August 19, 2010

Possible Data Mining Age in the Future of Exoplanet Science

Exoplanets. Distant worlds light-years away, yet they continue to move ever closer to humanity’s psyche, enticing us to declare them worthy of serious research.

The study of exoplanets is of such enormous intellectual importance and it helps us understand our place in the universe,” said Louis Friedman of the Planetary Society.

The search for exoplanets is one of the most exciting subjects in all of astronomy,” the Astronomy Decadal Survey committee expressed their enthusiasm in a report entitled New Worlds, New Horizons in Astronomy and Astrophysics.

Thus, a program was recommended “to explore the diversity and properties of planetary systems around other stars, and to prepare for the long-term goal of discovering and investigating nearby, habitable planets." The survey proposed The Wide-Field Infrared Survey Telescope (WFIRST), a $1.6 billion dollar telescope that would provide us with more exoplanet data. The report states that “in addition to determining just the planetary statistics, a critical element of the committee’s exoplanet strategy is to continue to build the inventory of planetary systems around specific nearby stars.

Now look closer at those words. “Inventory”, “census” and “statistics” of planetary systems. Clearly, the current focus is to continue to “gather” more and more data. We just turned into proverbial planet hunter-gatherers!

Kiddding aside, the excitement to gather more exoplanets in our database is great. But then I feel that something is missing, and that something must be done in addition to it all.

I feel that the future prospect of “processing” must also be planned in parallel with the construction of these telescopes.

We are continously building instruments to gather more and more exoplanet data but we are not preparing the infrastructure to handle the imminent data explosion in Exoplanetary Science.

I anticipate a bottleneck when all these planet-hunting telescopes finally get deployed and the copious amounts of data comes flooding in. On what basis am i saying this? Well, take this for example: Dozens of Earth-mass planets could already be within the database of the Kepler Team right now even as we sit waiting for their announcement. That is why i think that not just one earth-sized planets would be announced at one time, but several of them. It’s just that the Kepler scientists are extra careful about their greatest discovery ever in humanity's history. They are simply making sure that their discoveries are solid before they reveal it to the whole world.

But perhaps it’s understandable to withhold data about historical “firsts” because so much is at stake for the Scientists making the announcement.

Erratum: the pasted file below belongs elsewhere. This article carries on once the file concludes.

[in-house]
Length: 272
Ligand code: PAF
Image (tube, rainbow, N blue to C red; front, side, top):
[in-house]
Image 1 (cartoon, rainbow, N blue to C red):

The raw data will eventually be shared to the public for Citizen Scientists to gobble up. But I can't help but think that in some way, it’s a mini-bottleneck. And looking ahead, there is no infrastructure for outside help to “harvest” planets from the raw data the will eventually pour in. So far so good, only pure Scientists can harvest the goods.

In my previous post, I asked these questions: How will Scientists keep up with petabytes of raw data? How will web technology keep up? How will the internet enable Citizens to contribute to science for the love of it? What needs to be done?

Looking around at the changing face of Science that results from the enabling power of web technology, we see the important contributions of a swarm of minds working together for Scientific goals.

Take a look at GalaxyZoo, FoldIt, StarDust@Home, Rosetta@Home, Einstein@Home and SETI@Home. These are awesome computational engines that tap the human potential in analyzing massive amounts of data, to produce novel scientific discoveries. Despite the public excitement in the field of exoplanets, I'm surprised that there is no program like them that are focused on exoplanetary science. I have reason to think that in some way, the same idea of "distributed processing" can be applied to the deluge of exoplanet data that will arrive in the coming decades.

"We're at the dawn of a new era, in which computation between humans and machines is being mixed," says Michael Kearns--a computer scientist dealing with the concept of distributed thinking.

So how can we apply the power of distributed thinking in Exoplanetary Science? Who must jump-start the GalaxyZoo for Exoplanets? Should NASA or ESA do it? Should ExoPAG work on it? Universities? Or should the private sector do it? Should someone write a grant proposal? Or perhaps open a kickstarter project for it?

It’s been said that we are currently in the Golden Age of planetary discovery. But if we don’t begin to create some way to collectively "process" the huge amount of data gathered by planet-hunting telescopes, a “bottleneck era” might follow. It will be an era in which we are virtually “aware” that planets lie hidden within massive amounts of data stored somewhere in hard drives locked away at some facility. And like the exoplanet that was re-discovered within the Hubble archives, it would take years to mine these planets from out of the digital ones and zeros and be announced as a belated exoplanet discovery.

I am guessing that that such an era may likely occur if we don't build a system to process the data in a collective fashion. But then we would refuse to call it a bottleneck era. We would simply name it a much better-sounding term, The Data Mining Age of Exoplanetary Science.

New Worlds, New Horizons in Astronomy and Astrophysics:
$1.6 billion telescope would seek out alien planets:
Dark Energy and Exoplanets Top List of Astronomy Priorities:
Citizen science, People power: